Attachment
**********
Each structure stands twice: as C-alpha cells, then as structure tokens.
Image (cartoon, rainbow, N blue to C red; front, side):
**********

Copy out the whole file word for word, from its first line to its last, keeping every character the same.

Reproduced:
Each structure stands twice: as C-alpha cells, then as structure tokens.
Image (cartoon, rainbow, N blue to C red; front, side):